I’m gliding – I can’t think of another way to describe it. There are built-in artificial sounds so you don’t have to drive around in complete silence. Of course, the main purpose is to alert passers-by that an electric car is speeding towards them. Although I doubt anyone would miss the Audi RS e-tron GT: You’re sure to turn a few heads driving one of these!

 

The green shoe is for recuperation

I can’t pay enough attention to the response. As this is my first time in an electric car, I give it my full focus. And I need to, at least to start with. But I quickly develop an intuitive feel for driving. Okay, so I have an advantage: my private car is an automatic and the transition to electric is simple because you’ve got full torque at all times, meaning you don’t need a gearstick. 

What else? I like to drive fast, so I love the fact that your speed is displayed on the windscreen. That means that I can always see it while keeping my eyes on the road. Something unusual catches my eye, a green shoe icon that indicates the chance for recuperation. This shows me that I could recover some power, since by driving carefully, you can save energy with electric cars. You can do this in the Audi RS e-tron GT with coasting or brake recuperation.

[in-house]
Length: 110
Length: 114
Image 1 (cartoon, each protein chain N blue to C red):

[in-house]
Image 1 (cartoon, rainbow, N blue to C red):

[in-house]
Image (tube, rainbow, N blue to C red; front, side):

Sinon Eljezi, an Audi expert at the AMAG Utoquai garage in Zürich, explains the Audi RS e-tron GT.

 

Accelerating forces you back into your sports seat

I haven’t really been paying attention to that today. This car’s horsepower is just way too tempting. I leave the city to test it out. I’d love to take a short trip to Germany to unleash the beast on the motorway there. I don’t have enough time for that but can at least enjoy a short stretch on Switzerland’s A52 motorway. Even that is enough to experience the striking difference to my own car: With 160 PS, this already zooms past a fair few other road users. However, accelerating in the Audi RS e-tron GT is like being launched by a catapult! From 0 to 100 in 3.3 seconds, my passenger and I are literally pressed back into our sports seats. This electric car is sensational!

Later, I get two chances to be at the front of the queue at a red light in a 60 km/h zone. Here, you need to stay alert to any nearby speed cameras. You’ll hit 60 km/h in a flash and the driver behind will be no more than a dot in your rear-view mirror.

 

To summarise: Ready for electromobility